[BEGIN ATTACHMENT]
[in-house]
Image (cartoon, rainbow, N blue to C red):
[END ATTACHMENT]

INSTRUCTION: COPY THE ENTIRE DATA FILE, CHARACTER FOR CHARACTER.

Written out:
[in-house]
Image (cartoon, rainbow, N blue to C red):